Critically appraising research
in pain management
Making sense of the evidence
M.Sc. The nature of pain and its’ management,
• Why do we need to appraise the
literature on pain ?
• What is the current state of the art ?
• How do we go about it ?
• What are good sources of information ?
The process of “weighing
up” the evidence to assess
how useful it is in making
decisions about clinical
Some “drivers” promoting critical review of
• Evidence based practice
Clinical effectiveness > guidelines, standards
• Continuing Professional Development (CPD)
• Modernisation Agenda eg. patient choice
• Research – asking the right questions
Types of Evidence
Generated from first hand experience
eg. diaries, letters, research reports
• Secondary (synthesis of others work)
eg. narrative and systematic literature
reviews, scholarly papers
c. 20.000 journals, 2 million papers p.a.
Pain Management – The Evidence
• Meta-analyses, RCT’s
• Systematic reviews
• Cohort studies
• Case studies
• Narrative reviews
• Reports, editorials, working papers, product
• Conference proceedings, abstracts
• Dissertations etc.
Traditional Hierarchy of Evidence
Which research has most “weight” ?
• Meta-analysis, systematic review
• High quality RCT
• Controlled study without randomisation
• Observational study eg. case control study
• Descriptive study
• Expert consensus
• Clinicians and clients/patients views
- The “sharp end” of critical appraisal
- Used for development of clinical guidelines
Many stages including:
• Development of a protocol
• Systematic selection of studies
• Data Extraction
• Quality assessment
• Statistical or other synthesis of findings
• Rating of the overall body of evidence
• Cox II selective inhibitors are not recommended
for routine (regular) use in patients with
rheumatoid arthritis or osteoarthritis (2001,
• Current evidence on the safety and efficacy of
percutaneous disc decompression using
coblation for lower back pain does not appear
adequate to support the use of this procedure
without special arrangements for consent and
for audit or research (Consultation Document,
25 May 2004)
• Adalimumab, etanercept and infliximab for the
treatment of ankylosing spondylitis (in progress,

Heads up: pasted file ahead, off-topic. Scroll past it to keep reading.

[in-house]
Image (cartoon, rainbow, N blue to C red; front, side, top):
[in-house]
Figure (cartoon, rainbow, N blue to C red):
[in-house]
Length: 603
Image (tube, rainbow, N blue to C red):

due Feb. 2007)
Assessing the quality
a) Quality of individual publications
• Guidelines/reading guides
• Criterion based scoring tools
b) Quality of bodies of evidence
• Grading schemes
Quality Evaluation Tools
• Many “off-the-shelf” tools available for
different types of studies
eg. Jadad, Delphi, Maastricht, SIGN
• Debate on scales v scores v weighting
• Few have been properly validated and
the criteria for validation are unknown
• Move towards customised checklists
• Critical Appraisal Skills Programme
• Scottish Intercollegiate Guidelines Network
• Jadad et. al. (1996) Control Clin Trials 17:1–12
• Newcastle Ottawa Observational Study checklist
Quality in quantitative research
Emphasis on issues such as:
Random allocation of subjects, “blinding”
Similarity at baseline
Standard, reliable and valid outcome assessment
Intention to treat analysis (ITT)
Quality in qualitative research
• Dependability (reliability) eg.
- justification of methods
- audit trail
- providing information about the researcher
- member checking, inter-researcher comparisons, triangulation
• Credibility eg.
- providing raw quotes
- reference to accepted procedures for analysis
- discussion of how researcher may have effected outcomes
- clear distinction between data and interpretation
• Transferability eg.
- detail about participants and context
- identifying differences between individual participants and
participants and researcher
CASP – Qualitative Studies
Rigour: has a thorough and appropriate
approach been applied to key research
methods in the study?
Credibility: are the findings well
presented and meaningful?
Relevance: how useful are the findings to
you and your organisation?
Structure of a research paper
• Title, author
• Abstract: summary of what the paper is about
• Introduction: Background including previous
research, aims, research question/hypothesis,
• Methods: patients, methods, equipment, data
• Discussion (may include results in qualitative
• Conclusion, recommendations for clinical
practice and further research
General questions for any study
• Are the aims clearly stated ?
• Was it ethical ?
• Does the design match the aims ?
• Was the sample size justified ?
• Sufficient methodological detail eg. drop outs ?
Missing data ?
• Are the measurements/outcomes valid and
reliable ? (NB. study population)
• Are statistical methods/data analysis described ?
• Are the main findings explicit ?
• Are important effects considered ?
• Are results/findings compared with previous
• Are implications for practice discussed ?
Papers for review:
Effects of pool-based and land-based
aerobic exercise on women with fibromyalgia/
chronic widespread muscle pain
Jentoft et al
Arthritis Care and Research, 2001, 45:42-47
In the system: the lived experience of chronic
back pain from the perspectives of those
seeking help from pain clinics
Walker et al
Pain, 1999, 621-628